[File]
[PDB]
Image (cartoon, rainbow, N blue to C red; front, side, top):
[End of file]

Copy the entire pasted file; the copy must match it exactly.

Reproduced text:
[PDB]
Image (cartoon, rainbow, N blue to C red; front, side, top):